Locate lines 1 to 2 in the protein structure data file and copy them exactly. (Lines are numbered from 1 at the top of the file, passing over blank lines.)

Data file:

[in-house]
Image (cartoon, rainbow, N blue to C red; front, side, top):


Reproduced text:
[in-house]
Image (cartoon, rainbow, N blue to C red; front, side, top):